13. Calculating the Total Tricks 1 P P ? P 2 • The Auction goes • Promising 4 • Promising 4 • 1 side has 8 cards • The non bidders must have 7 somewhere • So total tricks is at least 15 and likely 16 • The next player should compete

  14. 1 ? 1 2 2 • Total tricks is 16 • If they can make 8 so can you somewhere • If they can make 9 you can make 7 • 1 off would be a good score • Bid a 5 card suit • Or a protective * without a 5 card suit • Try to force them to 3 • Allowing opponents to play in 2 of an agreed suit is a losing methodology

  15. Exceptions • Do not compete over the 2 level with Total Tricks = 16 or less when: • Opponents have not found an 8 card fit • Opponents are known under-bidders • Opener thought before passing at the 2 level - bidding on was an option • Your hand is 4333 shape – better to defend

  16. Competing at the 3 level 1 3 1 ?a 2 ?b 2 • Total Tricks is 17 (9’s and 8’s) • With 5 ’s ?a should overcall at favourable vulnerability • With 6 ‘s ?a should overcall at any vul • With 4 ‘s ?b should overcall at any vul

  17. Competing at the 3 level when weak • With Total Tricks = 16 never bid 3 over 3 • With Total Tricks = 17 bid 3 over 3 with favourable or equal vulnerability • With Total Tricks = 18 always bid 3 over 3

  18. Competing at the 4 level 1 4 1 ?a 3 ?b 3 • 1 side have 9 or 10 ‘s • The other have 9 or 10 ‘s • Assume 9½ each Total Tricks = 19 • If ?a has 6 ‘s bid 4 at any vul • If ?b has 5 ‘s bid 4 at any vul • If they bid 5 only bid 5 at fav vul

  19. Competing at the 4 level • With TT = 19 bid 4 over 4 if you have 10 • With TT = 20 always bid 4 over 4 • With TT = 19 bid 5 over 4 if you have 10 and fav vul • With TT = 20 bid always 5 over 4 • With TT = 19 never bid 5 over 5 • With TT = 20 bid 5 over 5 with 10 and fav vul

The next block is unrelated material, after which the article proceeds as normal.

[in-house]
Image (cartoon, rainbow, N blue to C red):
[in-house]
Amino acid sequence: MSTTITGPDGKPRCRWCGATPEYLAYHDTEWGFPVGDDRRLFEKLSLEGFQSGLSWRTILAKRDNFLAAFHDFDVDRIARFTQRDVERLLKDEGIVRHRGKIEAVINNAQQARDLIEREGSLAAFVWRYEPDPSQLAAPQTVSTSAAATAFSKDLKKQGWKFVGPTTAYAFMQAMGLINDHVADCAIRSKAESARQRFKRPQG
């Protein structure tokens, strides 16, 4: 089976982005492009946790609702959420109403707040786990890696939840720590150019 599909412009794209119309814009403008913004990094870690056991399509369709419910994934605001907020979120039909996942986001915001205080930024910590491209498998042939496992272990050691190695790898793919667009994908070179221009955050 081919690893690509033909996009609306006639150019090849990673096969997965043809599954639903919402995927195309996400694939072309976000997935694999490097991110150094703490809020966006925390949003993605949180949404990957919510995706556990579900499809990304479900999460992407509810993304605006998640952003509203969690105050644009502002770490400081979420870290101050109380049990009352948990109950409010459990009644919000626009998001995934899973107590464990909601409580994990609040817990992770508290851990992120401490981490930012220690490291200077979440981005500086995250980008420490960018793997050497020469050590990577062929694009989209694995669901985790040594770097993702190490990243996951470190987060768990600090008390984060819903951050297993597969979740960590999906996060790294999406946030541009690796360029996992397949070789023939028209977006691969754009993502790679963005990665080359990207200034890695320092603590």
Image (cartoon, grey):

20. Competing after pre-empts • If partner opens 3 of a suit • And you have a weak hand • And 3 of partners suit • Raise the pre-empt to 4 • Any time your pair have 10 of a suit • Opponents must have at least 9 • Or 2 8’s • So you should compete to the 4 level • And consider bidding 5 or 6 if necessary!

  21. Adjustments to the Law • If your side has a double fit add 1 • If you have a void in opponents suit add 1 • If you have a good suit outside trumps • AKQxx or AKxxx • Add 1 • With freak distribution 6/5, 7/4, 6/6 etc • Add 1 • With Qx, Jx, Qxx, Jxx in their suit • Subtract 1

  22. Accuracy of the Law • The Law is completely accurate 50% of the time • The Law is within 1 trick 90% of the time

  23. The Law in Practice • Compete to the number of trumps held by your side • Never let opponents play in 2 of an agreed suit with a fit • In a competitive auction jump to your maximum regardless of HCP • With 2 suit fits for both sides compete more strongly and consider a sacrifice • Because you have little or no Defence

  24. Summary • Strong hands make more than the number of cards in the trump suit • So, you can still bid game with less than 10 cards in the suit • Weak hand make less than the number of cards in the suit • But the Law means you are normally safe to bid to the number of cards held • Going off can still be a good result

  25. Finally • Remember: • The Law is as much about when to stop as when to bid on • With big fits compete • With flatter hands only bid on with strength